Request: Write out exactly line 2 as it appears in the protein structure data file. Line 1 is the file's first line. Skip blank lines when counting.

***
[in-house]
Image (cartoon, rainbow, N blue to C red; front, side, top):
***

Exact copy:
Image (cartoon, rainbow, N blue to C red; front, side, top):